Please return to the cave that you came from. And don't come out again. Thanks.

There's a few errors in this article - previous commentators touched upon a few so I'll just point out the ones regarding Mao Asada.

1) Mao's mistakes were NOT on the spiral or footwork sequences - both errors were jump related. Her triple flip in the latter half of the program was downgraded, and she botched a triple toeloop attempt.

2) Mao's spiral, interestingly enough, was awarded the most GoE's in the ladies' free skate and the same holds true for her step sequences.

And for all the statement regarding she lacked artistry, Mao *did* receive the third highest PCS scores in the free skate (second in the short program).

Artistry can be such a subjective thing. Don't you realize you just showed the world that you have such a narrow capacity to appreciate art or lack the sense of the artistry that Mao had when you said that Mao didn't have it? Is this a personal blog of someone who likes figure skating? You'd better put, "I didn't like it."

No wonder you say Mao stumbled out of her step seq.

The One, if you're going to be rude and bellicose in challenging others to fight just because they happen to have opinions that differ from yours when it comes to this very subjective sport, then you'd probably best be reminded of skating history.

Canadian skaters David Pelletier and Jamie Sale, and the Canadian public, screamed bloody murder when they didn't win the gold medal in Salt Lake City. They were accused of displaying embarrassingly bad sportsmanship, and of having a bitter case of sour grapes and whining by numerous writers in the world media... but not by you-know-who. On television, the pair expressed eternal gratitude to the wonderful American public for nobly standing up for fairness.

You might recall the Canadian complaints about the medals in the days of Kurt Browning, Brian Orser, and Elvis Stojko; but I think what is most relevant here is how Stojko openly questioned the awarding of the gold to Lysacek, in a rather similar manner to the Americans that you dislike if they dare question the bronze going to Rochette.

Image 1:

You come across as being pretty insecure and defensive about Rochette's bronze. There's no need to take the universal and unending skating debates so personally, or to resort to chauvinism to try and bully your point home. When you accuse a nation of being arrogant and stupid, it is best not to be that way yourself.

Other than using Kim's given name (Yu-Na) instead of her surname (Kim), I think the writer of the article posted a reasonably accurate account.

It appears Mao Asada is unfortunately being categorized as the triple-axel jumper and therefore subconsciously thought of as being artistically-challenged. Midori Ito had the same knock against her, but she was actually quite the artistic skater (as is Asada). However, Kim was the obvious best skater overall.

@dennis ogden - You're right, the judging was different at the Olympics vs. the US Nationals when comparing Nagasu and Flatt.

The Olympic judging placed the better skater in the deserved higher position.

(Keep in mind that the Scott Hamilton and Sandra Bezic often referred to Nagasu as the "complete package". They took pains not to be critical about Flatt, but the implication is that she is somewhat lacking in grace and that critical "it" factor that someone like Michelle Kwan had. I personally agree - Nagasu at the moment is clearly the best US hope for the future, not Flatt.)